Racer Sessions

Sundays, 8-10pm at Cafe Racer in Seattle, WA

Filtering by Tag: 2011

Neil Welch - January 30th, 2011


The Spirit Music of John Coltrane

In the music of John Coltrane, I come face to face with the question of what I can learn by analysis and what I can only learn though internalization. Some musical events are mystical but others are not. Bering this in mind, I’ll analyze a few of the tangible events in Coltrane’s music that I’ve identified as crucial components of his methods. This analysis can serve multiple purposes. By looking from many different angles we can take these tangible and mystical elements and use them in our own music. At the end of this analysis, I’ll ask that each of you internalize a few duplicable elements from your own encounters with important music. Tonight, Luke Bergman, Chris Icasiano, Brian Kinsella and I will perform music directly influenced by late, or “third period” Coltrane.

Many universal and duplicable themes from the third period include:

Tonal Centers Function as a Drone

Album examples include: Acknowledgement, from A Love Supreme, The Father and the Son and the Holy Ghost, from Meditations, Ogunde, from Expression (not the classic quartet).

Many if not all compositions/free improvisations from the above albums have one central tonal center. This is despite their high level of overall freedom. Though the chords, scales and sound textures may conflict with this center, they are continually framed by melodic references and resolutions back into the original tonic or scale center. I feel this push and pull adds a depth and resonance to the music which so many of us find to be the epicenter of our love of this sound.

Strong Use of Pentatonic Melodies and Improvisations

Examples include: Africa, from Africa/Brass, Selflessness, from Selflessness , Impressions, from Live at the Village Vanguard, Ascension, from Ascension

From his recordings it’s clear that Coltrane had deep faith in the minor pentatonic scale and its place in world music. Coltrane often oscillates between several minor and major pentatonic scales at liberty. A great example of this is his solo on Acknowledgment, from A Love Supreme. In concert key, Coltrane uses primarily the F minor and C minor pentatonic scales. But, the central bass line theme: 1-b3-1-4 becomes a pivot point. He often plays the 1 b3 1 4 motive verbatim, but shifts key centers while doing so. While Coltrane may play in the original key of F minor, McCoy Tyner will shift key centers beneath this, creating a resonant and transitional atmosphere in the music.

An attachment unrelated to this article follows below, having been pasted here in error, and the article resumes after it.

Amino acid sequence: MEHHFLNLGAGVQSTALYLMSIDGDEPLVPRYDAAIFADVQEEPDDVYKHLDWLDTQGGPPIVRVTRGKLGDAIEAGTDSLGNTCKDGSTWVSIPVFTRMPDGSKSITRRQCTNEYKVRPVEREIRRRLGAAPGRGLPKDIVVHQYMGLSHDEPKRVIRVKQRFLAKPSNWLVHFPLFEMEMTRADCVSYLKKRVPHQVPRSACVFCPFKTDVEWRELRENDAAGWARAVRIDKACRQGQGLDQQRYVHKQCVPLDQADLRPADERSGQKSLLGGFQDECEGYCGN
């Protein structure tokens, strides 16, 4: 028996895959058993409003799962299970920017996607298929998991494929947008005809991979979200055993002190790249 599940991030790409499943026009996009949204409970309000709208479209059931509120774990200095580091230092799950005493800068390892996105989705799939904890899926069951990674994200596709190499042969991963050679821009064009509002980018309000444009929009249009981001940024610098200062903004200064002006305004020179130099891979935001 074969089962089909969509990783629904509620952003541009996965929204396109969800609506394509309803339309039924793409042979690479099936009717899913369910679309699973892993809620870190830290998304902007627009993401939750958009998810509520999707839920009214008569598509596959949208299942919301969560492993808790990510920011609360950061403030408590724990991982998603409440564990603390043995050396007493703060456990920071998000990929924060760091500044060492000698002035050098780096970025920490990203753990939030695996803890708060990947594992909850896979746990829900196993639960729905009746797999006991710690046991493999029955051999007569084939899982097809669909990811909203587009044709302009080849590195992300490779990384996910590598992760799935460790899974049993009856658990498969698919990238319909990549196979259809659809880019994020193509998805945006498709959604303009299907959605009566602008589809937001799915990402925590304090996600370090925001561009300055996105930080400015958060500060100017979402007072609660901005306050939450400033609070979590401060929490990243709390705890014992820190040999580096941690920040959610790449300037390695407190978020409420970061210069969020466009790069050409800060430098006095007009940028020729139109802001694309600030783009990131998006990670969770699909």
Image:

Long Form Improvisation Examples:

Up Down on Up, from Live at the Half Note, Out of This World, from Live In Seattle, Naima, from Live at the Village Vanguard Again.

Trane utilized his group as an ensemble liberated from the constraints of traditional song length. This is true of recorded album material, and almost always the case in live performances. It seems the length of the tune itself becomes a compositional element. Each member of the group is given generous time to construct and deconstruct ideas.

Beat cycles of 4 or 8 bars.

Examples of the above include Transition, from Transition, Afro Blue, from Live at Birdland, My Favorite Things from Live at the Newport Jazz Festival.

Drummer Elvin Jones would often break 4 bars phrases into big beats, creating two large beats per bar, and phrasing these in 12/8. This then makes the two bar cycle into 1 bar of 12/8. When 4 bar of 12/8 are played, 8 bars of actual 4/4 time are achieved. In this sense a feeling of 4 and 8 bar phrases are felt simultaneously. Further, the piano solo is often used to begin the slow but powerful buildup, generally felt in 4/4, ¾ over 4/4, or 4 bars of 12/8. When the build-up finishes and we arrive at the begin of the beat cycle, Coltrane often enters and a new level of energy is achieved.

The Prepared Music

Tonight we will play one extended composition and improvisation. It’s well documented that Coltrane explored pitch sounds and scales intended to evoke certain moods. We will perform an initial improvisation based on the 3 pitches used in Vedic chants, which I will phrase melodically at will. These pitches are the b7, 1, and b2. This will be followed by a melody based heavily on the Dorian minor and minor pentatonic scales. From many of the themes discussed above, we’ll perform our own interpretation of this period in his music.

The Improvisation

Please consider the center or your artistic life, be it music, a specific musician, or something aside from music all together. Identify some of the elements which make their craft so affective. Tear it down, pick it apart and find something to grab onto as a structure for an improvisation. Rather than emulating “Ornette Coleman,” explore an element of his style, such as the color of his tone, inflection in his phrases, overall affect on the listener, etc. Any ensemble size is acceptable, but I ask that one or more elements be identified and then explored with each ensemble.

Track Examples:

Acknowledgment, from the John Coltrane album A Love Supreme

Transition, from the John Coltrane album Transition